There is an old saying that if you ever see a turtle sitting on a fence post, you can be sure of one thing: It didn’t get there by itself.
As I begin my eighth year with IBSA, I identify very much with that turtle. On one hand, seven years is a long time, long enough for me to write more than 170 columns for The Illinois Baptist. On the other hand, my father Tom Adams wrote at least 850 columns here, over the course of 34 years. Like many of you, I read his insights on church life, Baptist life, and life in general for decades. So I still feel indebted to my dad for whatever perspective and service I have to offer IBSA churches.
It’s hard for me to think about my early days at IBSA without thinking about my dad. My mom tells me he was so excited about my coming back to Illinois, and to IBSA in particular, that he would fall asleep in his recliner with the Illinois Baptist in his lap, open to the article about my selection to serve here. And yet a month to the day after I started at IBSA, Dad passed away.
During these years since then, I have often thought how nice it would have been to have my dad around. He loved IBSA, and the Illinois Baptist, and the pastors and members of IBSA churches. Though he was basically quiet and introverted, he knew many, many people through his writing and ministry roles. He understood a lot about people and churches, how they work together, and why they sometimes don’t. Many times I have wished I could pick up the phone and ask him a question.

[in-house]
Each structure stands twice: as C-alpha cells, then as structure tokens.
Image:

But it’s not like I’ve been without his help. Though my dad’s been gone for seven years now, I still rarely go into a church for the first time without someone telling me how much he or she appreciated his wisdom and his writing. Often they have a favorite column or two clipped and in their Bible. One dear lady told me she still has one framed and hanging over her desk at work. As often as not, these folks say they never met dad personally. But frequently they will say they felt as if they knew him.
Of course, if my dad ever heard anyone praising his writing, he would quickly point to Dr. Robert Hastings, who edited the Illinois Baptist for many years, and who was a wonderful writer as well. Dad frequently said that if Dr. Hastings hadn’t “taken a chance” on him as a young writer, he would never have had the opportunities or influence that he did.
And dad wouldn’t want to stop there. He would want me to point out that every column he scribbled by hand on a yellow pad of paper was typed up for publication by my mom, who added her own skilled editing and insight to the final product.
Of course my mom would want to point to her parents, and how they sacrificed for her education, and how their support of her made it possible for her to support my dad with her skills. And if my grandparents were here, well, I trust you get the point.
We are all turtles on our own fence posts, aren’t we? Whether it’s our parents, or the pastor or leader that served before us, or the faithful families that founded or sustained our church or that brought the Gospel to our area, none of us arrived at our places of service and opportunity without the help of others. We would do well to thank them when we have a chance, and to pledge to them that we will do the same for others. From my fence post today, thanks Dad.
Nate Adams is executive director of the Illinois Baptist State Association.